Since the bulk of my family still lives in Texas, I have found myself making the long drive along Interstate 40 (or the “northern route,” as it is called in familial parlance) from here to there often. The stretch of I-40 between Albuquerque and Amarillo—the point at which I turn due south—exists along the same path as the historic Route 66, and there are plenty of glossy signs along the way that tell you so. Though what’s now designated as “Historic Route 66” by the National Scenic Byways Program is much shorter than the original Mother Road, driving it still yields some of the kitschy charm that the old east-west route did. In honor of the recent reopening of the El Vado Motel, a little bit of Albuquerque Route 66 history, I wanted to talk about some of the quality eats and drinks that exist along the historic Route 66 in New Mexico to this day.
500 Central Ave. SW
Lindy’s Diner, a local Route 66 classic
The charismatic little diner sits on the corner of Central and Fifth, just across from another Route 66 historic landmark, the KiMo Theatre. Lindy’s began its life as Coney Island Cafe in 1929, making it one of the oldest continually operating restaurants on Route 66. In 1960 it was bought by the current owners and renamed Lindy’s Diner, but some of the classic dishes have lived on—most notably the Coney Island sandwich (which is just a chili dog, piled high with fries on the side, $6.45). There’s a slew of burgers that’ll make your mouth water, like the ultimate burger ($9.45), which has bacon, pepper jack cheese, chipotle mayo, avocado and a fried egg on top. There’s plenty of New Mexican dishes as well, and breakfast is served all day.
Ah, Frontier. If there’s a recognizable rooftop in the city it’s this one. This iconic New Mexican diner has been serving cinnamon rolls and fresh-squeezed orange juice since 1971—which, admittedly, was the tail end of Route 66’s heyday. Nevertheless, this sprawling dining establishment fed drivers (or motorists, as they were called in ye olden times) on their way from one coast to another out of its assembly-line-esque kitchen, and continues to do the same for college students at varying levels of sobriety. The walls of the dining rooms have long been covered in art, mostly of the Western and Southwestern variety—a good way for travelers to determine what part of the country they happen to be eating in.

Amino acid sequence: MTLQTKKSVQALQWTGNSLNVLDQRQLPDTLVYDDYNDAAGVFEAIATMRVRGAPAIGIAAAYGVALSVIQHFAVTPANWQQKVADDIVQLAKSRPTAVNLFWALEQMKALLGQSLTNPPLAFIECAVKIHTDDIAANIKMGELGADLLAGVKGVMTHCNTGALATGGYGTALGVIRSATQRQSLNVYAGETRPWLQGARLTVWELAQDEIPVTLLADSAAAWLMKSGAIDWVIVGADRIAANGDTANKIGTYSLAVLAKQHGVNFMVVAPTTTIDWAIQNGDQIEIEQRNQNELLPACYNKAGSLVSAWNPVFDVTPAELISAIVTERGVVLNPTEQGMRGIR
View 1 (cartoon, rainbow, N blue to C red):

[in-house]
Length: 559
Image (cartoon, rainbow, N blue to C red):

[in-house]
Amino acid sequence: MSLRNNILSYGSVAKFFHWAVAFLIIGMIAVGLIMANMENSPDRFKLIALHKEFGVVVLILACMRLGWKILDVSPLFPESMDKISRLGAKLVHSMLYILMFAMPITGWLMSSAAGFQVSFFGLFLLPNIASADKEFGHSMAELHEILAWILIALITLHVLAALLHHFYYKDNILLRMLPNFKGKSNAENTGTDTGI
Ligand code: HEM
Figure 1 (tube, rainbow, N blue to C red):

The iconic Dog House sign has been a beautiful beacon to weary truckers and mom-visitors at its current location since 1969 (it had an earlier location that opened in 1939). The menu is short and simple, the food is greasy and immensely satisfying. Get either a half-long or a footlong dog with chile, cheese or just mustard—hot dogs is kind of what they do, if you didn’t already get the gist. There’s a few other things too, of course, like nachos, frito pie and fries, all available for obscenely cheap prices. But everyone knows what you’re really there for. Sit at the tiny counter and watch the cooks do their work while you eat. Then get out of their hair—there’s a lot of other people who want that prime real estate.
I’ve stopped at this little Santa Rosa diner several times, usually on the way back home after camping somewhere between there and Amarillo. Once I stopped in the middle of a pretty legendary thunderstorm, during which the lights and music flickered the whole time I spent there. Joseph’s Bar and Grill has been serving American and New Mexican food since 1956, when it was first named La Fiesta Drive-In. The place still has a ’50s classic diner look, with Coca-Cola curtains in the windows and those annoying little vinyl upholstered chairs. The food is pretty standard New Mexican fare, with a menu of hamburgers and other classic American diner dishes for the timorous tourist. Take a dip in the Blue Hole while you’re in town, and then try the Blue Hole margarita ($7.50) for some neon-flavored inebriation.